In the race for Congress in Indiana's 2nd District, the campaign of Democrat Brendan Mullen believes that Republican Jackie Walorski, long the frontrunner, went to a prevent defense too soon, enabling him to catch up and to win.
Each side has recent polling. Neither will cite specific numbers publicly. But the numbers appear to be not too much different. The interpretations differ.
Walorski's strategy is that of a frontrunner, using a prevent defense when it comes to debates.
She declined to participate in the Indiana University South Bend debate tonight. It will be televised by WNIT-TV from 6 to 7 p.m., with Mullen and Libertarian Joe Ruiz in a two-candidate debate. Walorski, as a challenger two years ago, did participate in the IUSB debate.
Nor will she participate with Mullen and Ruiz in a traditional debate at Rochester High School on Monday.
She did debate in Wabash, with live coverage on a radio station there. And she and Mullen, with Ruiz not invited, will participate in an Oct. 30 WSBT radio debate, 7 to 8 p.m., with SBT2 (Comcast Channel 16) providing live coverage.
In declining debates, Walorski prevents exposure for Mullen, still not well known throughout the district, and also prevents the chance of a big gain for Mullen in a televised debate. One debate can make a difference. Just ask President Obama or Senate candidate Richard Mourdock.
Not much downside to limiting debates, unless it does lead to some small gains that pile up to help Mullen close the gap.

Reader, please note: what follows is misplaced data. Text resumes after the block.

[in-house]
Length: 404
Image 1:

Complaints by debate sponsors attract a little attention. And attention to the Libertarian candidate, if he does well in debating with Mullen, could become a factor.
Walorski contended after her 2010 loss that a Democratic mailer promoting the Libertarian candidate back then siphoned off votes that otherwise would have gone to her and could have changed the outcome. Both Walorski and the state party Democrats who were proud of the tactic overestimated the effect of one mailer. But it's a rule of thumb that a Libertarian on the ballot usually takes more votes from the Republican candidate than from the Democrat.
Debate strategy aside, Walorski has another type of prevent defense -- worth $600,000, with possibly more to come. That's the amount Karl Rove's Crossroads PAC has spent for ads attacking Mullen.
Mullen has his own help from outside groups, such as House Majority PAC, seeking a Democratic House majority. It sponsored TV ads accusing Walorski of "betrayal" in siding with insurance companies on women's health issues, including mammograms. That enabled Walorski to respond with a personal message in a TV ad about her own need for mammograms.
Mullen portrays Walorski as a career politician with a history of partisan bickering and spouting of tea party rhetoric. He seeks to link her with Mourdock.
Walorski portrays Mullen as a liberal Washington insider who runs at the behest of Democratic leaders. She seeks to link him to Obama and Nancy Pelosi.
He stresses his record as a West Point graduate and Iraq veteran and says he favors the moderate approach of present 2nd District Congressman Joe Donnelly.
She stresses her record in the state legislature during the administration of Gov. Mitch Daniels, who is popular with Hoosiers, and says she would be an independent voice in Washington.
He notes her past statements about privatizing Social Security.
She notes that he wouldn't vote to flat-out repeal Obamacare.
Both sides must consider the race close. If not, why would Crossroads spend over a half million dollars and why would the Democratic Congressional Campaign Committee, which cut back earlier, now toss in an extra $94,000?
Walorski has a lead. Polls on both sides show that. One side says she went to a prevent defense too soon. The other says she has done all the right things and holds an unassailable lead.
Jack Colwell is a columnist for The Tribune. Write to him in care of The Tribune or by e-mail at firstname.lastname@example.org.